"The relationship is definitely different. He respects the fact that I am older and have my own opinions. He can't treat me as a little girl anymore. We have to work together."

On the one hand, she said, it's terrifying. On the other, it's profoundly liberating. What a story -- a teen-age girl grows into a young woman, and chases her dream, and it's her own dream, not someone else's.

It's her very own, and she's doing it for one reason, and one reason only. She wants it.

"I'm terrified because I have no idea where I'm going or where this is going to end up," Shawn said. "But it's liberating because I'm enjoying it and learning so much."

She's 22, not a grandmother

Before it became the province of girls on the way to becoming women, it used to be that being a woman was normal in what is, after all, called women's gymnastics. Hungary's Agnes Keleti was 35 when she and 21-year-old Larysa Latynina dueled for gold in the all-around at the 1956 Summer Games. Latynina, competing for the Soviet Union, was 29 when in 1964 she won the last of her 18 Olympic medals. Czechoslovakia's Vera Caslavska won Olympic gold in the all-around twice, the second time in 1968, when she was 26.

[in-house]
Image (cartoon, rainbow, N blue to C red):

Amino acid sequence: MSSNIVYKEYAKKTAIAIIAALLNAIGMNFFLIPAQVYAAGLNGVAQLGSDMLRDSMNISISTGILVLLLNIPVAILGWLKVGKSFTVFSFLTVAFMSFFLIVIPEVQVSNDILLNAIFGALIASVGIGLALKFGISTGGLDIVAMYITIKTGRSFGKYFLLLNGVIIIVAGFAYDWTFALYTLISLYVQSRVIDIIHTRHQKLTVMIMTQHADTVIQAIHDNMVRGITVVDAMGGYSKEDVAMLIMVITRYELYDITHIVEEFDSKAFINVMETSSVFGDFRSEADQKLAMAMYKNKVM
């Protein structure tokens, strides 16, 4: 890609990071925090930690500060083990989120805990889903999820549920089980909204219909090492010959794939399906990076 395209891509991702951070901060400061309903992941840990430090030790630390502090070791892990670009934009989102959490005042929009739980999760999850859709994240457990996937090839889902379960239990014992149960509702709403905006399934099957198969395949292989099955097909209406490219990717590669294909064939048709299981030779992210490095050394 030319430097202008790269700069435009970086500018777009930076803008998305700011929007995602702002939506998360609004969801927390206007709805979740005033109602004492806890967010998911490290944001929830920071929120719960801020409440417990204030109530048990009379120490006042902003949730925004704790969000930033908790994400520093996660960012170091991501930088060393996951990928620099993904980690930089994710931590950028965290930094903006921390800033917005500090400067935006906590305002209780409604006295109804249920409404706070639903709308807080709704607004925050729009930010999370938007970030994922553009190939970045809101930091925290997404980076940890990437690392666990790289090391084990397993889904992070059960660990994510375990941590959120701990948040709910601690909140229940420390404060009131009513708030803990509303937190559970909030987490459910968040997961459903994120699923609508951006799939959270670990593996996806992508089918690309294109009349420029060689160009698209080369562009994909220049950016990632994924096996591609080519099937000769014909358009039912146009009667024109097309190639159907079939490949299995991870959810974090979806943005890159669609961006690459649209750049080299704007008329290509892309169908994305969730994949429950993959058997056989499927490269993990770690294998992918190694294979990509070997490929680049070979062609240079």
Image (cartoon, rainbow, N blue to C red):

Then came teen-agers Olga and Nadia and Mary Lou -- and, recently, all those teen Chinese girls.

The sport has changed.

Or has it? Because clearly there's still a place for someone like Alicia Sacramone, who is already 22 -- and closing in, in December, on 23.